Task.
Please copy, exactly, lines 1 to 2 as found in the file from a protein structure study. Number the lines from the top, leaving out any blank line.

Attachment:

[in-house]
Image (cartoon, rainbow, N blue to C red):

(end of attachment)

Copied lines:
[in-house]
Image (cartoon, rainbow, N blue to C red):